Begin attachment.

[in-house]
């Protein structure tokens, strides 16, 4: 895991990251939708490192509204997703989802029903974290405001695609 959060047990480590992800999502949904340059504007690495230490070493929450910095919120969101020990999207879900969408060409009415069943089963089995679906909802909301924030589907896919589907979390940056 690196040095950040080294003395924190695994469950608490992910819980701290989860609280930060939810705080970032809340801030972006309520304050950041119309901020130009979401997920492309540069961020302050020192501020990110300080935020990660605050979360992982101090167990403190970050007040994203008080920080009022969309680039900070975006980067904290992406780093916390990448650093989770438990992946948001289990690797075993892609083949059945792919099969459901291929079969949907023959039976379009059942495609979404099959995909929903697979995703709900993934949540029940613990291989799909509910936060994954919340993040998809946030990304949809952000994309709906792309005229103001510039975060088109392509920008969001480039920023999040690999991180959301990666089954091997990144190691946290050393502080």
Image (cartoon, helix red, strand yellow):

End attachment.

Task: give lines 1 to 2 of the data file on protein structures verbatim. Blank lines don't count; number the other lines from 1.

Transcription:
[in-house]
């Protein structure tokens, strides 16, 4: 895991990251939708490192509204997703989802029903974290405001695609 959060047990480590992800999502949904340059504007690495230490070493929450910095919120969101020990999207879900969408060409009415069943089963089995679906909802909301924030589907896919589907979390940056 690196040095950040080294003395924190695994469950608490992910819980701290989860609280930060939810705080970032809340801030972006309520304050950041119309901020130009979401997920492309540069961020302050020192501020990110300080935020990660605050979360992982101090167990403190970050007040994203008080920080009022969309680039900070975006980067904290992406780093916390990448650093989770438990992946948001289990690797075993892609083949059945792919099969459901291929079969949907023959039976379009059942495609979404099959995909929903697979995703709900993934949540029940613990291989799909509910936060994954919340993040998809946030990304949809952000994309709906792309005229103001510039975060088109392509920008969001480039920023999040690999991180959301990666089954091997990144190691946290050393502080």